On a gloomy Wednesday afternoon at Wrigley, Cubs’ right-hander Carlos Silva improved to 4-0 in his seventh start of the season. With a 4-3 win over the visiting Florida Marlins, Silva is off to his best start since 2004, where he began the season 5-0 for the Twins.

Sports fans and analysts alike were skeptical when Chicago General Manager Jim Hendry announced that the Cubs, after finishing the 2009 season 86-76, had acquired Silva for clubhouse virus Milton Bradley, and cash, from the Seattle Mariners. 

Bradley has struggled again this season. He’s since been placed on the inactive list after asking the Mariners front office for help with “emotional stress.”

Silva, meanwhile, has reclaimed his career, The righthander is tearing up the National League, backed by the sporadic Cubs offense. But is Silva really that good? 

When Silva has taken the mound this season, Chicago has outscored opponents 49-28. But the team is hitting just .271 on the season. 

Though Silva holds an unblemished record, his ERA has escalated to a season high 3.50, still his lowest in five seasons.

For the third time this year, Lou Pinella yanked Silva in the sixth inning. The starter surrendered seven hits, two runs and two walks.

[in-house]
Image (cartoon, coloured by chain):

Holding a two run lead in the top of the fourth, Silva gave up a two run single to Marlins catcher Ronny Paulino. The game tying hit scored Hanley Ramirez and Jorge Cantu. 

How does the Venezuelan right-hander keep winning with such mediocre performances?

Despite his fourth inning blunders, Silva would regain the lead with an RBI double by Marlon Byrd and a wild pitch by Chris Volstad. Volstad’s mistake allowed shortstop Starlin Castro to touch home, giving the Cubs a 4-2 lead. The runs were enough insurance for Silva, who notched his fourth win. 

In his May 7th victory, Silva received the most run support by the Chicago lineup with 14, while pitching only five innings and giving up 10 hits. Silva also has three no decisions, which came against the Reds (19-15), Nationals (19-15) and Diamondbacks (14-20). 

Silva could very well be 4-3.

On May 1st, Silva threw five innings, giving up five runs to the NL West worst Diamondbacks. The Cubs rallied in the sixth to, once again, save Silva from another blemish. 

Against the Nationals on April 26th, Chicago jumped out to an early 3-0 lead, which quickly evaporated when Silva allowed two runs in the fourth, then another in the sixth to tie the game at 3. He was lifted in the seventh. The Cubs eventually won the game in the bottom of the 10th when Brian Bruney walked the bases loaded.

Silva clearly isn’t as good as his record suggests. Though the pitcher obviously won’t maintain his ethereal 0.69 ERA, no one would’ve predicted that the Cubs OFFENSE would be the source of his success.


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